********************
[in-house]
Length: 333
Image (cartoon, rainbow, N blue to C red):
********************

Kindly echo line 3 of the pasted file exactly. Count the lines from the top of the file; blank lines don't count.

Image (cartoon, rainbow, N blue to C red):